Dinosaur Footprints on the Roof… Of the World!

Alongside Jørn Hurum, many other intrepid paleontologists ply the frigid winds and waters of Svalbard searching for fossils and other ancient remains. The islands of Svalbard, located far to the north of Scandinavia in the Arctic Circle, are as remote and breathtaking as a fossil survey gets. Here is an excerpt from a trip into the teeth of the “Ice Dragon.”

Patrick Drickenmiller studying a dinosaur track close up. (Photo courtesy Jørn Hurum)
Patrick Drickenmiller studying a dinosaur track up close. (Photo courtesy Jørn Hurum)

Written By Jørn Hurum

Wednesday, 30th of July: After a short wait we got a helicopter lift towards the east side of Spitsbergen. The weather turned worse during the trip and when we reached the area just east of the Svea coal mine, the snow got too dense to fly through and we had to return.

Waiting until 9:00 p.m. and making a new flight out was our second chance and this time it worked. We got to Kvalvågen at 22:30 and started the mapping of the dinosaur tracks.

The first tracks were found in 1976 and described in 1978, but until 2012 it was believed that there were only three tracks preserved at the site. In 2012 we discovered several more tracks. However, due to the logistics involved we were not able to visit this remote site again until this year.

Hans Arne Nakrem, Øyvind Hammer, Jørn Hurum, Patrick Druckenmiller and Snorre Olaussen. (Photo courtesy Jørn Hurum)
Hans Arne Nakrem, Øyvind Hammer, Jørn Hurum, Patrick Druckenmiller and Snorre Olaussen. (Photo courtesy Jørn Hurum)

We are five scientists: The head of the short expedition was Snorre Olaussen, a sedimentology professor at the University Centre in Svalbard (UNIS), and part of the LoCra group; Øyvind Hammer, a paleontologist and computer wiz from the Natural History Museum in Oslo, where Hans Arne Nakrem (also a paleontologist) and myself work. The last participant was paleontologist Patrick Druckenmiller from The University of Alaska Fairbanks, where he has the same position as I have in Norway (head of vertebrate paleontology collections).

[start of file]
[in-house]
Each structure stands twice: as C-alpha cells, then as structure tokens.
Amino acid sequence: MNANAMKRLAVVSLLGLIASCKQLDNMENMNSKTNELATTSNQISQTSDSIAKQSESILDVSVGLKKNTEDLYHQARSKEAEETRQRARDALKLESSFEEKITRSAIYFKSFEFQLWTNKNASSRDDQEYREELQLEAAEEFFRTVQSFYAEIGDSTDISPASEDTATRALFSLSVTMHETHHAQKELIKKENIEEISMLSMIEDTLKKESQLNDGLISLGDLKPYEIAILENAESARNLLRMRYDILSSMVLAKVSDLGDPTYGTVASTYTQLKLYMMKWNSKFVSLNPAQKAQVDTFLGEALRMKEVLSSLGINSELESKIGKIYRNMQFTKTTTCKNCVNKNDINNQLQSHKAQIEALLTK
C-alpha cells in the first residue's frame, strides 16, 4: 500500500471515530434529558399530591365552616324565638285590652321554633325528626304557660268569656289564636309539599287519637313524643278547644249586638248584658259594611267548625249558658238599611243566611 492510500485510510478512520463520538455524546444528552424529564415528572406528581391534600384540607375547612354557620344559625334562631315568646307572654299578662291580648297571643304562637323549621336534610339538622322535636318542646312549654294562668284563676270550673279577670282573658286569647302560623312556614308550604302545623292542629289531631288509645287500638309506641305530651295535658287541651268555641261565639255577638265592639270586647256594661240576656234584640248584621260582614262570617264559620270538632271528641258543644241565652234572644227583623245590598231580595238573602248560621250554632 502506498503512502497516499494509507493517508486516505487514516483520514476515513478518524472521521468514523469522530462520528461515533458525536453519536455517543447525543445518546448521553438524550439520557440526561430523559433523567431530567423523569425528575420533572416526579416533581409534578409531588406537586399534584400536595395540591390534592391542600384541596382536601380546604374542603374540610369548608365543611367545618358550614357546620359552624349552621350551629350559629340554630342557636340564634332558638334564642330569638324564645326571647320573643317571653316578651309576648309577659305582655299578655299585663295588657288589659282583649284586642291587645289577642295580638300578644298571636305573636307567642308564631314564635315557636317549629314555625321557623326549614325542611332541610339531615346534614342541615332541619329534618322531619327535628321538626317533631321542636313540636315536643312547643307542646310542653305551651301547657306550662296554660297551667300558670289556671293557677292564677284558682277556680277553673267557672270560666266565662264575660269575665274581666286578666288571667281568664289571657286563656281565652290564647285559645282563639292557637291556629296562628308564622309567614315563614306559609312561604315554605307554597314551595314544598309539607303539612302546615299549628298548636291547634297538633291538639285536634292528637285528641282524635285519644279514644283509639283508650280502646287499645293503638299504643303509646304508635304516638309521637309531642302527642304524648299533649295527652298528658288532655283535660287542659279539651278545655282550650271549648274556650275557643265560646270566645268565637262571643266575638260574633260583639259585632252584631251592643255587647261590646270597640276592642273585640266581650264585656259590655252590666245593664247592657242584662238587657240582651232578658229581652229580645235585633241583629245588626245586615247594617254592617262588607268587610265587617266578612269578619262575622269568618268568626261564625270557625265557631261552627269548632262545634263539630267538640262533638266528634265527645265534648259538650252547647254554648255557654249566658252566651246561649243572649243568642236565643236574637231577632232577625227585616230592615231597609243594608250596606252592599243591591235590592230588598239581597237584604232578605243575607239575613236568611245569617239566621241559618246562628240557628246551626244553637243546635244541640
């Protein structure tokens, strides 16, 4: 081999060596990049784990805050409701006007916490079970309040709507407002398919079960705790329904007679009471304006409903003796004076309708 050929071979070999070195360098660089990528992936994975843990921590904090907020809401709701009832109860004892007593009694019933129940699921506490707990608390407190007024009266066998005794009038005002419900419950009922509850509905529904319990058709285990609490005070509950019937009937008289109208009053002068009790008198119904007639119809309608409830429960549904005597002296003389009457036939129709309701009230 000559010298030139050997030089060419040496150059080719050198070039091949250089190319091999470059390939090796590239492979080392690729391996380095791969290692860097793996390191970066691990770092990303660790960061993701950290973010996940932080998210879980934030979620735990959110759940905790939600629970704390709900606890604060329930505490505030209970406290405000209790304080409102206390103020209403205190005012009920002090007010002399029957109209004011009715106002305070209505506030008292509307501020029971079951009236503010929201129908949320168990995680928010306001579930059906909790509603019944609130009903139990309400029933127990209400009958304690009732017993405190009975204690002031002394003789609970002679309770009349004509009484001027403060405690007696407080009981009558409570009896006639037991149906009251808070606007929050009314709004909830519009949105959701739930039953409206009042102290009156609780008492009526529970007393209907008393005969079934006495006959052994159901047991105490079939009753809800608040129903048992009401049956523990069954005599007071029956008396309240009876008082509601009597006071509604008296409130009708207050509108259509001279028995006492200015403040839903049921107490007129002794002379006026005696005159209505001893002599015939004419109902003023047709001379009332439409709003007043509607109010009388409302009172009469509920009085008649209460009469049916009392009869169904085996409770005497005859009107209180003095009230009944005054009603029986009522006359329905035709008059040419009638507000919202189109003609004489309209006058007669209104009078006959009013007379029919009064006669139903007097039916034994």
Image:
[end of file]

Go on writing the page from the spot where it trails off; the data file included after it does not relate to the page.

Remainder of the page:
The site was spectacular, remote and cold, with the Barents Sea lapping onto a booming glacier across the bay. To see dinosaur footprints on a fossilized beach, itself now a new beach along the same ocean as in the Cretaceous, only colder, was an experience we will always remember.

We mapped 36 tracks in 3D using a total station and photogrammetry methods. At least two different track makers were found including one trackway (several tracks in sequence). The tracks date to the early Cretaceous, about 125-million years ago, and are among the northernmost dinosaur tracks discovered in the world to date. Although weather threatened to delay our trip at first, it ended up beautiful, albeit cold and windy.

And… finished at 5:30 a.m. The midnight sun is a fabulous thing.

After our work was done, we found a sheltered spot in the sun and slept until the helicopter picked us up at 10:00.

Getting an "aerial view" of dinosaur tracks. (Photo courtesy Jørn Hurum)
Getting an “aerial view” of dinosaur tracks. (Photo courtesy Jørn Hurum)

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